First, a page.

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A spline sounds intriguing. How would I go about creating one? Did some quick googling, and have no idea where to start......


A spline is one one of the most basic elements of computer animation. The topic sometimes shows up in the For Beginners forum.

A spline is a smooth curve that is defined by a series of points, called knots or control points.

There are many kinds of splines. The most programmer-friendly type of spline is the Hermite spline family; they can be easily calculated by multiplying a matrix that defines the properties of the spline with a matrix that defines the control points, multiplying the result by a quadratic of the distance through the curve, and multiplying the result by a constant. Once you write the code you can just change swap out 16 numbers to generate any cubic Hermite spline.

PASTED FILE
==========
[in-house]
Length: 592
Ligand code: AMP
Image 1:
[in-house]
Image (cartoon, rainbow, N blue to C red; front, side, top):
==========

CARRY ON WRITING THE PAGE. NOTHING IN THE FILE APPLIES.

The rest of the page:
Inside the Hermite spline family, the Catmull-Rom spline is especially nice for computer graphics because it has continuous smooth motion when two splines are placed next to each other. In other words, you can travel along a whole bunch of Catmull-Rom splines along a long and twisty path, and it will look good.

A few seconds on Google shows this example, which seems to cover it pretty well. Edited by frob
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So if I am reading this right D3DXVec3CatmullRom(...) will need 4 known points in space. I can use the "tangent" points as my control points and I have to come up with the two in the middle, presumably along the curve of the sphere..... That doesn't sound too hard. I wondered what D3DXVec3CatmullRom was when I saw it in http://msdn.microsoft.com/en-us/library/windows/desktop/bb205506(v=vs.85).aspx but as you know, Microsoft is not very good with explaining anything.

 

So now I need to get those four vectors...... If I have anymore problems I'll post them here. Thank you for your help.